Chatbot-mediated public service delivery

A public service value-based framework


  • Tendai Makasi Queensland University of Technology
  • Alireza Nili Queensland University of Technology
  • Kevin Desouza Queensland University of Technology
  • Mary Tate Victoria University of Wellington (New Zealand)



public service; public service value; chatbot; artificial intelligence.


Chatbots — computer programs designed to interactively engage with users, replicating humanlike conversational capabilities during service encounters — have been increasingly deployed across a wide range of Internet-based public services. While chatbots provide several advantages (e.g., improved user experience with reduced waiting times to service access), the surge of chatbot use in public service delivery has frequently been plagued with controversy, poor publicity, and legal challenges. One important reason for this is that users of the services, and the wider public, do not always feel that chatbot-mediated services demonstrate the appropriate public service values. We investigate the public service value dimensions required in chatbots designed for use in the public sector. Specifically, we (a) review chatbots and their use in the delivery of public services; and, (b) develop a framework of how public service values can be exemplified by chatbots. Our study provides implications and evaluation criteria for stakeholders in chatbot assisted public services, including researchers, public managers, and citizens.

Author Biographies

Tendai Makasi, Queensland University of Technology

Ph.D. candidate at the School of Information Systems at Queensland University of Technology. His research focuses on aspects of design and evaluation of artificial intelligence-driven technologies within the public sector. He has a background in mathematics and computer science, and holds a Master’s degree in business process management from the Queensland University of Technology.

Alireza Nili, Queensland University of Technology

Lecturer in service science at the School of Information Systems at Queensland University of Technology (QUT) in Australia. He specializes in both behavioral information systems (customer decision making and use behavior) and design information systems and uses both qualitative and quantitative methods in his research. His research interests primarily focus on the design and evaluation of chatbots and other Internet-based self-service technologies for delivering public services (e.g., education and health). He has published in journals such as International Journal of Information Management, MIT Sloan Management Review, Communications of the Association for Information Systems, and Electronic Commerce Research, and has presented his research in several international information systems conferences. He has served roles such as Associate Editor at the International Conference on Information Systems and roles such as Track Chair and Program Committee member at the Australasian Conference on Information Systems.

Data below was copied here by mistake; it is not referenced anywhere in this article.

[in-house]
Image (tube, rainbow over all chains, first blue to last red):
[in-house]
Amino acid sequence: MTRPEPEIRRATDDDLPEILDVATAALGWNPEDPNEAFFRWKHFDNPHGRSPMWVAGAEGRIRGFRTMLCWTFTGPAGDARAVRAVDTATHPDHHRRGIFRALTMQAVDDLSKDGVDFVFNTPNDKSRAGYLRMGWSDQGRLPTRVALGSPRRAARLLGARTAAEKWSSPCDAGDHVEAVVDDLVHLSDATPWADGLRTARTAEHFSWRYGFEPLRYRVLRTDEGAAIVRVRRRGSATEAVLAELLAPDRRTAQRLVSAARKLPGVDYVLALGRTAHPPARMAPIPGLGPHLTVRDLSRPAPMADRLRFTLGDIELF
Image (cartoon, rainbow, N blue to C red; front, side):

Kevin Desouza, Queensland University of Technology

Professor of Business, Technology and Strategy in the School of Management at the QUT Business School at the Queensland University of Technology. He is a Non-resident Senior Fellow in the Governance Studies Program at the Brookings Institution. He formerly held tenured faculty posts at Arizona State University, Virginia Tech, and the University of Washington and has held visiting appointments at the London School of Economics and Political Science, Università Bocconi, University of the Witwatersrand and University of Ljubljana. Desouza has authored, co-authored, and/or edited nine books. He has published more than 140 articles in journals across a range of disciplines including information systems, information science, public administration, political science, technology management, and urban affairs. Several outlets have featured his work including MIT Sloan Management Review, Stanford Social Innovation Research, Harvard Business Review, Forbes, Businessweek, Wired, Governing,, Wall Street Journal, USA Today, NPR, PBS, and Computerworld. Desouza has advised, briefed, and/or consulted for major international corporations, non-governmental organizations, and public agencies on strategic management issues ranging from management of information systems, to knowledge management, innovation programs, crisis management, and leadership development. He serves as senior editor for the Journal of Strategic Information Systems. Desouza has received over $US2 million in research funding from both private and government organizations.

Mary Tate, Victoria University of Wellington (New Zealand)

Associate professor at Victoria University of Wellington in New Zealand. Mary’s research interests focus on digital channels and services using new technologies, especially e-services, e-HRM, welfare services, use of agents/bots, shared services and multi-channel strategy. This is complimented by a strong interest in the foundations of the information systems discipline, theory and research methods. Mary’s work has been recognized with more than $1 million in research grant funding, mainly in Australia. Before joining Victoria University of Wellington, Mary had an extensive background as an IT practitioner, with over 20 years’ experience in service delivery, project management, Web site management, and business analysis. Mary has published numerous conference and journal papers such as papers in MIT Sloan Management Review, European Journal of Information Systems, Journal of the Association for Information Systems, Information & Management, and International Journal of Information Management.




How to Cite

Makasi, T., Nili, A., Desouza, K., & Tate, M. (2020). Chatbot-mediated public service delivery: A public service value-based framework. First Monday, 25(12).